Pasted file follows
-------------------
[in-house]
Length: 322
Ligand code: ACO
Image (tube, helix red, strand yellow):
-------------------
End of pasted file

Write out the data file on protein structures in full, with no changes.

[in-house]
Length: 322
Ligand code: ACO
Image (tube, helix red, strand yellow):